Nano System Delivers Anticancer Drugs to Childhood Tumors

A nanotech system invented in Israel for transporting anticancer drugs specifically in pediatric patients has been shown to slow tumor growth and prolong life expectancy in engineered mice by 42 percent. In most of the Western world, cancer is the primary cause of death in children over the age of one.

The new system meets an unmet need because existing chemotherapy treatments for adult cancer patients are not particularly effective for children due to differences in their physiology and in the way pediatric cancer cells grow and spread. In fact, conventional chemotherapy can cause severe damage to an ill child.

While highly targeted nanoparticle delivery systems show great promise in adult cancer patients, studies involving children have been limited. Prof. Alejandro Sosnik of the Technion-Israel Institute of Technology’s Department of Materials Science and Engineering, together with graduate student Alexandra Bukchin, used a mouse model to test their system for the selective transport of the chemotherapeutic drug Dasatinib via nanoscale packaging in young patients.

“The target audience is very physiologically fragmented and therefore less economically viable for pharmaceutical companies,” said Sosnik, who focuses on developing special treatments for children with cancer.

Prof. Alejandro Sosnik of the Technion-Israel Institute of Technology’s Department of Materials Science and Engineering. Photo: courtesy

“The differences between children of different ages are great, and drug companies do not want to invest in research and development for such narrow age ranges. A child’s physiology is very different from that of an adult, so the tumor develops differently. The effects of drugs on the tumor are also not the same. In addition, clinical trials are rarely conducted on children for obvious reasons,” he said.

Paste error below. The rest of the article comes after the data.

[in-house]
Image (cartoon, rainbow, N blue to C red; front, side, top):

Dasatinib is currently administered in tablet form to inhibit tyrosine kinase, an enzyme that acts like a switch for activating and deactivating various cellular processes. Dasatinib can stop cancer growth but the current form of the drug is released in an untargeted way, affecting healthy cells as well as cancerous cells.

Maximum efficiency

The nanotechnology delivery system developed by Sosnik and his team in Haifa is intended to transport the drug to cancer cells alone, thus maximizing its efficiency without harming healthy tissues. The transporter is made up of polymer micelles, nanostructures created by the self-assembly of polymers in water and considered to be an excellent method for transporting drugs, in part due to their tiny size (10 to 300 nanometers).

The major innovation in the Technion research is the addition of sugar to the nanoplatform. The cancer cell identifies the sugar and intakes the delivery system, releasing the drug inside the cell and inhibiting the enzyme activity.

In the initial lab experiment carried out by Sosnik’s group the efficacy of the new delivery system reduced the dosage of the drug needed to kill sarcoma cells – a cancerous tumor of muscles and bones which accounts for about 10% of tumors in children – in vitro by about 90%.

In collaboration with the research group of Dr. Angel Carcaboso from the Hospital Sant Joan de Deu-Barcelona, the efficacy of the delivery system was demonstrated in vivo using mice carrying tumor biopsies from pediatric patients. The delivery system significantly improved the accumulation of the drug into the tumor and prolonged the median lifespan of the engineered mice from 19 days (in the control group) to 27 days.

“I hope that the delivery system we have developed will improve the situation and serve to deliver a broad spectrum of anticancer drugs,” said Sosnik.

A paper published recently in the Journal of Controlled Release summarizes the three-year study that led to the first success in delivering Dasatinib with the help of these nanoparticles, and the first demonstration of the particles accumulating in the tumor in the patient’s tissue, in a model of pediatric cancer in experimental animals. The research was supported by Technion as well as grants from the European Commission.